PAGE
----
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Introduction to Jeju Shamanism

semi-overcast 27 °C

In the beginning was "Bekjudohalman" and her husband "Solo so jeon guk" who gave birth to Shamanism in the east of the island. They gave birth to 18 sons and daughters who in turn gave birth to more sons and daughters and slowly but surely Jeju was inhabited by 18 000 divinites throughout the whole island. After they got divorced because the husband ate pork which was forbidden. He was thrown out of the house but set up camp nearby where there is still a shrine dedicated to him.

There are 400 shrines scattered throughout the island. Some are coastal where the Haenyo (women divers) and fishermen pray and give offerings to the goddess of the sea called "Halman" before going to fish out at sea.

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This is a secret spot for Haenyos from where they dive into the sea to go fishing. Here there is a shrine to the King of the Sea to whom they pray and give offeriengs before venturing out to fish in the sea

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Me Young Hie and another visitor

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Young Ga and another visitor. Me and Barbara were the only westerners there. We felt quite privileged.

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There are also shrines near to the villages and hamlets inland which are impossible to find for tourists visiting the island. Only the locals know their whereabouts. Even somebody from Jeju-si looking for a shrine in Seongsan wouldn't be able to find it. The shrines inland are in the thick of areas of unspoilt natural beauty.

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The altar is usually rocks around a tree. Paper like cloth is hung from the branches or from cracks in in the rocks. These are offerings to the particularly divinities of each shrine. Paper-like cloth are offered because in the spirtual world it can be used as money or as clothes for the spirits worshipped.

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The more colourful the cloth the more fervent is the faith of the follower.

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Soju is also poured onto the rocks and trees beneath the hanging pieces of cloth as well as incense to perfume the world of the gods and goddesses.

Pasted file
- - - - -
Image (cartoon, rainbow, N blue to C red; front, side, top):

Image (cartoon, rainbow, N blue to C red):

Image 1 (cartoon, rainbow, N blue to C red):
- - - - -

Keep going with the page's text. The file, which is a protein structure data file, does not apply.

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The 'Dang Olle" or "shrine paths" were the origin of the "olle" hiking trails which meander throughout the whole of Jeju.

Some shrine locations have three near to one another. The shrine highest up is the "high shrine" the one below is the "middle shrine" and the one at the bottom is the "low shrine". One we went to is a shrine devoted to snakes. Snakes before they acquired negative connotations were revered because it was believed they brought prosperity to an individual or a community. Even in houses there were shrines dedicated to the snake spirits.

According to Young Ja our friend, who kindly invited us on this tour to introduce us to shamanism in jeju, shamanism is thriving on the island much more so than on the peninsula. She explained that there are four precise dates in the year when there are ceremonies in these remote off the beaten track hidden shrines and that shrine worship at any other time of the year is looked down upon. But individuals still do go to them to pray and to worship but surreptiously so to avoid reprimanding remarks.

Also there isn't one sole divinity who the whole of Jeju's inhabitants worship. Each community have their own unique divinities to worship.

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Posted by JBarker 09.07.2011 01:41 Archived in South Korea

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